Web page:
Beach season is just around the corner, but your favorite sandy spot may not be around too much longer if climate change has anything to do with it.
A recent study published in the journal Nature Climate Change found that half of the world’s sandy beaches could disappear by 2100. If that seems too far off on the time horizon to worry about, consider that about 15 percent of those beaches already face severe erosion and could be gone by 2050. If you live in Australia, the U.S., Mexico or the Caribbean, that timeline could be even shorter.
The study sets the erosion limit at 100 meters, and when looking at threatened beaches, the impacts could become severe in many of the world’s most densely-populated areas. Regions including the eastern seaboard of the U.S., Southeast Asia and Central Europe are within that range — meaning they are at risk of having no more beaches for summer sunbathing.
Several causes of beach erosion exist, including natural wave erosion and geology (beaches naturally shift over time), coastal development, dams and damaging storms. But none of those factors pose the same level of threat as rising sea levels, especially when coupled with the fact that climate change is causing storms to become more intense and damaging. It’s food for thought, especially since beach season squarely lines up with hurricane season, which starts on June 1.
Cameron County, Texas, is the state’s southernmost county and one of the poorest in the country, with a poverty rate of around 28 percent (compared to the U.S. national average of 11.8 percent). But this area is also home to one Texas’ most popular beach destinations: South Padre Island (SPI).
SPI is home to less than 1 percent of Cameron County’s population, but contributes around 5 percent of the county’s total economic output. However, Cameron County’s beaches are also eroding at an alarming rate. Near the mouth of the Rio Grande, where the river ends at the Gulf of Mexico, beaches are eroding by more than 20 feet per year. And while Houston scored most of the national media attention after Hurricane Harvey, the southern counties in Texas are still reeling from floods in the two years since. Texas overall has more federally-recognized disaster declarations than any other state, and averages a hurricane every three years.
Coastal erosion results in the loss of tourism dollars worldwide as well as all the ancillary economic benefits associated with tourism. For example, one study put economic losses related to coastal erosion for the Hoi An region in Vietnam at $29 million by 2040. The U.S. government estimates that coastal property losses in the U.S. are already costing $500 million per year. When compounded with the fact that those most unable to bounce back from the impact of coastal erosion are the poorest and most vulnerable populations, inland areas may have to contend with an influx of people from coastal areas.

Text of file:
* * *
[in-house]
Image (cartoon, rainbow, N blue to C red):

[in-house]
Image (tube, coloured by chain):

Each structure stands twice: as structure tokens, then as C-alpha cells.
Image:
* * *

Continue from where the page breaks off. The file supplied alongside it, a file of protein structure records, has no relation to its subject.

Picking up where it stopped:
These figures are daunting, but there is some room for hope. A two-pronged approach could help mitigate some of the worst impacts. Resilience and adaptation strategies are needed to deal with the current and recent issues facing coastal communities, such as building natural infrastructure (as opposed to dams or sea walls, which may offer a short- to medium-term solution, but are costly and not as effective for long-term resilience to increasingly intense storms). Also, better flood plain maps and stricter building codes in coastal areas are essential for resilience.
The second prong is taking substantive action on climate change. The Nature Climate Change study found that by limiting carbon emissions, predicted coastal erosion could be reduced by 17 percent by 2050 and by 40 percent by 2100. That is significant, not only for those of us who live inland and visit beaches, but the communities that live in and around beaches all over the world. Some loss will happen, but smart climate and resilience policies can minimize those losses, to the benefit of us all.
Image credit: City of South Padre Island/Facebook
Kate is a writer and policy wonk, with a focus on water, clean energy, climate change and environmental security. She spent over a decade running energy-water nexus and energy efficiency programs at Environmental Defense Fund as well as time at the U.S. Departments of Energy and Defense, U.S. Government Accountability Office, and state and federal legislatures. She serves as an Advisory Board member of CleanTX, which aims to accelerate the growth of the clean tech industry in Texas.